William Watson

(1858-1935 / England)

Our Men - Poem by William Watson

Our men, they are our stronghold,
Our bastioned wall unscaled,
Who, against Hate and Wrong, hold
This Realm that never quailed;
Who bear the noblest burden
Life lays on shoulders broad,
Asking not fame or guerdon,
Asking not gold or laud.


They go where England speeds them;
They laugh and jest at Fate.
They go where England needs them
And dream not they are great,
And oft, 'mid smoke and smother
By blinding warstorm fanned
Sons of our mighty Mother,
They fall that she may stand.


Our sailors, save when sleeping
The light sleep of the sea,
Their ancient watch are keeping,
Mother, for thine and thee!
They guard thy maiden daughters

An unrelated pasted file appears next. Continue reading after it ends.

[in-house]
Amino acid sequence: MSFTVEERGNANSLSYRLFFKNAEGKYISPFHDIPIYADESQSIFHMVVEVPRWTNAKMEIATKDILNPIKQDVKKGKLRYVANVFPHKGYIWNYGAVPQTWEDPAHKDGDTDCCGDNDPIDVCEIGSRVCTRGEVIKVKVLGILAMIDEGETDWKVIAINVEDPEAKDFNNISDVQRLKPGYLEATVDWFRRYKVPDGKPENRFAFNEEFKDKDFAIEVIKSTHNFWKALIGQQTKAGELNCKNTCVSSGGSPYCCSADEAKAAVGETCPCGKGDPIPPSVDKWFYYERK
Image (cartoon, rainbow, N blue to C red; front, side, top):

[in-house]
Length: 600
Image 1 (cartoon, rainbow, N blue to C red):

From worse than death or pain;
The men who ward the waters,
The men who man the main.


When navies meet and wrestle,
And their vast arms strike home --
Vessel with monstrous vessel
Matched on the flame-lit foam --
What fleet returns in glory?
What fleet makes haste to fly?
O Sea, that knowest our story,
Thou, thou canst best reply!


Then hail to all who gave us
Their might of arm and soul,
Hot and athirst to save us,
To heal, and keep us whole;
Whether they serve where yonder
Far-burrowing trenches run,
Or where the ocean thunder
Peals with the thundering gun.


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Poem Submitted: Saturday, April 10, 2010

Poem Edited: Saturday, May 7, 2011


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